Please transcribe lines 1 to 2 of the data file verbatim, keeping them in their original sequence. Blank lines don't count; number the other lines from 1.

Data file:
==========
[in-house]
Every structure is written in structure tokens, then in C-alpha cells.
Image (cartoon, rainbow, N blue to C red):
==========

[in-house]
Every structure is written in structure tokens, then in C-alpha cells.